Pressure mounts in EU to treat Facebook and Twitter as critical infrastructure

The move would subject them to the rules on network protection and data breach notification as banks and energy networks.

Flags in front of the European Commission headquarters in Brussels on June 17, 2015

Flags in front of the European Commission headquarters in Brussels on June 17, 2015

Pressure is mounting in the European Union to subject companies including Google, Twitter, eBay and Facebook to the same critical IT infrastructure security requirements as banks or energy networks.

EU lawmakers want providers of essential services in industries including banking, health care, transport and energy to protect their networks from hackers, and to disclose data breaches to the authorities.

The European Commission, which proposed the draft Network and Information Security Directive two years ago, also wants it to cover enablers of key Internet services, such as e-commerce platforms, Internet payment gateways, social networks, search engines, cloud computing services and app stores. The European Parliament, however, rejected their inclusion in the critical infrastructure rules last year.

On Wednesday ambassadors of the EU member states sided with the Commission and gave their go-ahead for the Council of the EU, the third body with a say in the shape of the law, to continue negotiations with the Commission and Parliament on Monday.

Treating social media and e-commerce companies as critical parts of the Internet infrastructure will impose additional costs on them for meeting the same stringent security rules as other essential services. At the same time, social media users stand to benefit because their personal data should be better protected, and they would receive quicker notification in the event their data were stolen.

One point open for debate is how to define which companies are critical infrastructure.

Internet companies want to play down their importance so as to avoid additional regulatory constraints on their businesses. The Computer and Communications Industry Association, representing Amazon.com, eBay, Facebook, Google and others, wants the rules to apply only to things such as nuclear power plants and transportation facilities.

Parliament removed these companies from its draft of the law in March 2014, as Members of the European Parliament had too many questions about how the rules would apply.

The Council of the EU, composed of representatives of the member states, wants these digital platforms to remain within the scope of the law, a Council official said Wednesday. However, it wants to subject Internet companies to a different -- as yet undefined -- set of rules than those governing banks and payment services.

Meanwhile, the Parliament still does not want to include Internet companies in the directive's scope, a Parliament official said.

Another source in the Parliament expected Monday's negotiations to focus on the definition of critical infrastructures and how to identify them, rather than on whether Internet companies should be included, an opinion echoed by the Council official, who predicts at least one more meeting will be needed.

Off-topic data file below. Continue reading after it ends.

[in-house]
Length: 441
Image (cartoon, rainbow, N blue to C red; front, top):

Loek is Amsterdam Correspondent and covers online privacy, intellectual property, online payment issues as well as EU technology policy and regulation for the IDG News Service. Follow him on Twitter at @loekessers or email tips and comments to loek_essers@idg.com

Join the newsletter!

Or

Sign up to gain exclusive access to email subscriptions, event invitations, competitions, giveaways, and much more.

Membership is free, and your security and privacy remain protected. View our privacy policy before signing up.

Error: Please check your email address.

Tags Facebooktwittereuropean commissionEuropean ParliamentCouncil of the European Union

Keep up with the latest tech news, reviews and previews by subscribing to the Good Gear Guide newsletter.

Loek Essers, Peter Sayer

IDG News Service
Show Comments

Cool Tech

Toys for Boys

Family Friendly

Stocking Stuffer

SmartLens - Clip on Phone Camera Lens Set of 3

Learn more >

Christmas Gift Guide

Click for more ›

Brand Post

Bitdefender 2019

This Holiday Season, protect yourself and your loved ones with the best. Buy now for Holiday Savings!

Most Popular Reviews

Latest Articles

Resources

PCW Evaluation Team

Aysha Strobbe

Microsoft Office 365/HP Spectre x360

Microsoft Office continues to make a student’s life that little bit easier by offering reliable, easy to use, time-saving functionality, while continuing to develop new features that further enhance what is already a formidable collection of applications

Michael Hargreaves

Microsoft Office 365/Dell XPS 15 2-in-1

I’d recommend a Dell XPS 15 2-in-1 and the new Windows 10 to anyone who needs to get serious work done (before you kick back on your couch with your favourite Netflix show.)

Maryellen Rose George

Brother PT-P750W

It’s useful for office tasks as well as pragmatic labelling of equipment and storage – just don’t get too excited and label everything in sight!

Cathy Giles

Brother MFC-L8900CDW

The Brother MFC-L8900CDW is an absolute stand out. I struggle to fault it.

Luke Hill

MSI GT75 TITAN

I need power and lots of it. As a Front End Web developer anything less just won’t cut it which is why the MSI GT75 is an outstanding laptop for me. It’s a sleek and futuristic looking, high quality, beast that has a touch of sci-fi flare about it.

Emily Tyson

MSI GE63 Raider

If you’re looking to invest in your next work horse laptop for work or home use, you can’t go wrong with the MSI GE63.

Featured Content

Don’t have an account? Sign up here

Don't have an account? Sign up now

Forgot password?